From a cell to the genetic print
The buccal swab allows the collection of buccal cells and not just saliva (free of cells).
The cells contain DNA (deoxyribonucleic acid), mainly in the form of chromosomes. DNA carries genetic information, the heredity identity card.
In the laboratory, after registration of your order, the swab will undergo the first operation: DNA extraction found in cells collected on the swab.
DNA is shaped like a double helix, that is to say two strands twisted around each other (it is said to be double-stranded). Each strand is a chain of nucleotides composed of a phosphate (phosphoric acid), a sugar (deoxyribose) and a nitrogenous base. There are four nitrogenous bases: two purines (G for Guanine and A for Adenine) and two pyrimidine bases (C for Cytosine and T for Thymine). In the DNA structure, the bases are complementary two by two. Adenine always pairs with Thymine and Guanine always pairs with Cytosine.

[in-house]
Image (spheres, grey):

On the chromosome, we identify microsatellite markers, sequences with a repetition of 2 to 6 nucleotides (eg here with two nucleotides: CA).
Dogs have 39 chromosomes pairs, the genetic profile will only relate to 22 micro-satellite markers.